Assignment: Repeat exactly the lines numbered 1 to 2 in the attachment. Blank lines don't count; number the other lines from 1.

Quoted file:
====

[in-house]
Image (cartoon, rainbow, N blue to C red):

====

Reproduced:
[in-house]
Image (cartoon, rainbow, N blue to C red):